The library pool was sequenced on an Illumina NextSeq550 (single-read, 75 bp) according to the manufacturer’s protocol.
cDNA was synthesized from total RNA using the miRCURY LNA RT kit (Qiagen, 339340). The samples were processed according to the manufacturer’s specifications. In total, 2 μL of total RNA were used per 10 μL reverse transcription (RT) reaction. PCR amplification was performed using a 96-well plate format on a Roche LC96 instrument (Roche Diagnostic) using miRCURY LNA SYBR Green PCR kit (Qiagen, 339347) with the following settings: 95 °C for 2 min, 45 cycles of 95 °C for 10 s, and 56 °C for 60 s, followed by melting curve analysis. To calculate the cycle of quantitation values (Cq-values), a combination of the 2nd derivative maximum and the fits point method (LC96, Roche software) was used. Cel-miR-39 was added to the total RNA sample prior to reverse transcription and qPCR to measure the efficiency of cDNA synthesis.
4.6. Bioinformatic Analyses
The bioinformatic analyses were performed with the software package miND, a data analysis pipeline that generates overall QC data, unsupervised clustering analysis, normalised microRNA count matrices, and differential expression analysis based on raw NGS data. Overall quality of the next-generation sequencing data was evaluated automatically and manually with fastQC v0.11.8 [37
] and multiQC v1.7 [38
]. Reads from all passing samples were adapter trimmed and quality filtered using cutadapt v2.3 [39
] and filtered for a minimum length of 17 nt. Mapping steps were performed with bowtie v1.2.2 [40
] and miRDeep2 v188.8.131.52 [41
], whereas reads were mapped first against the genomic reference GRCh38.p12 provided by Ensembl [42
], allowing for two mismatches, and subsequently miRBase v22.1. [43
], filtered for microRNAs of hsa only, allowing for one mismatch. For a general RNA composition overview, non-microRNA mapped reads were mapped against RNAcentral [44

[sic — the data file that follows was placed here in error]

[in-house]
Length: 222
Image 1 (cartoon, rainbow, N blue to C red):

] and then assigned to various RNA species of interest. Statistical analysis of pre-processed NGS data was performed with R v3.6 and the packages pheatmap v1.0.12, pcaMethods v1.78 and genefilter v1.68. Differential expression analysis with edgeR v3.28 [45
] used the quasi-likelihood negative binomial generalized log-linear model functions provided by the package. The independent filtering method of DESeq2 [46
] was adapted for use with edgeR to remove low abundant microRNAs and thus optimize the false discovery rate (FDR) correction. The absolute normalisation was performed based on the predefined spike-in concentrations [28
The subsampling was performed using Seqtk v1.3 tool [47
4.7. Data Analyses and Statistical Methods
Data processing and analyses were conducted using Microsoft Excel version 16.57 [48
] and GraphPad Prism version 9.1 (GraphPad Software, San Diego, CA, USA, www.graphpad.com
(accessed on 13 December 2021).) [49
]. Data were visualised using R v4.3 and the packages ggplot2, ggpubr and enhancedVolcano by generating scatter plots and Volcano plots. Graphics were created using BioRender.com [50